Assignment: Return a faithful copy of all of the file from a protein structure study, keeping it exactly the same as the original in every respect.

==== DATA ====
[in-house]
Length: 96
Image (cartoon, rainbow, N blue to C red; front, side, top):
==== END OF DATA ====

[in-house]
Length: 96
Image (cartoon, rainbow, N blue to C red; front, side, top):